the parenthesis? Now I am curious.  After searching though, I sure wonâ€™t forget
where they are on the keyboard.  Now I will never get another book that I need
to put [Blank Page] in.

Reggie

----------------------------------------------------------------------------

From: bksvol-discuss-bounce@xxxxxxxxxxxxx
[mailto:bksvol-discuss-bounce@xxxxxxxxxxxxx] On Behalf Of Lori Castner
Sent: Friday, November 30, 2012 5:07 PM
To: bksvol-discuss@xxxxxxxxxxxxx
Subject: [bksvol-discuss] Re: Proofing: Is this correct?

Reggie,

The asterisks or stars are the correct symbol.  I do not know where the
discussion of ellipses came from.  Some books may use them to indicate change
of scene, but this list has always used asterisks.

This list should be helpful not confusing.  The amount of confusion that
seems to have erupted recently concerns me.

Lori C.

From: bksvol-discuss-bounce@xxxxxxxxxxxxx
[mailto:bksvol-discuss-bounce@xxxxxxxxxxxxx] On Behalf Of Regina Alvarado
Sent: Friday, November 30, 2012 1:29 PM
To: bksvol-discuss@xxxxxxxxxxxxx
Subject: [bksvol-discuss] Re: Proofing: Is this correct?

Ug! Confused once again! Maybe this just getting to be too much for me? I
just uploaded having put * * * between change of scenery lines.  Probably will
get it back! Ug.  Someday maybe I will understand, but have a headache right
be like this?

Line of text

. . .

Line of text

The utterly confused, hurting and tired one

----------------------------------------------------------------------------

From: bksvol-discuss-bounce@xxxxxxxxxxxxx
[mailto:bksvol-discuss-bounce@xxxxxxxxxxxxx] On Behalf Of Roger Loran Bailey
Sent: Friday, November 30, 2012 1:11 PM
To: bksvol-discuss@xxxxxxxxxxxxx
Subject: [bksvol-discuss] Re: Proofing: Is this correct?

Except for one thing. The ellipsis is to be treated as a word. If it is at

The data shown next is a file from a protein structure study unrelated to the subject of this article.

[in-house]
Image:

the end of a sentence it consists of the three dots and then an additional
period for a total of four dots. If it indicates a change of scenery or scene
it is still treated that way and with no asterisks. A change of scene may be
indicated with an ellipsis or it may be indicated with a blank line or it may
be indicated with both. The three asterisks are to be used when there is a
blank line that we want to retain though. Most often that is an indication of a
passage of time or an indication of scene, but it does not necessarily have to
be. Whatever it indicates it is replaced with three asterisks. It has nothing
to do with the ellipsis.

On 11/29/2012 11:41 PM, Sandi Ryan wrote:

Hi Reggie,

This looks correct to me for a book where the page numbers are at the
bottom.

Sandi

----- Original Message -----

To: bksvol-discuss@xxxxxxxxxxxxx

Sent: Thursday, November 29, 2012 9:43 PM

Subject: [bksvol-discuss] Proofing: Is this correct?

Received a book back for more editing.  Before I send back, I am trying
to proof the new way.  Want to know if this is correct.  I understand about the
font and points.  However, have a few other questions:

1.. When putting an ellipsis to denote change of scenery it is done
like this?

Line of text

* * *

Line of text

2.. If the number is at the bottom of the page it is done like this?

Last Line of text on a page

page number

Page break

3.. When there is a chapter name (understanding bolding and points
and fon) it is set up like this?

First line below page break

Chapter number and title

First line of text

4.. When there is the start of a new page it is done like this.

Line at top of page

First line of text

I will say thanks to anyone who helps.  Want to get this book up and
not have it come back for even more editing.

Reggie

```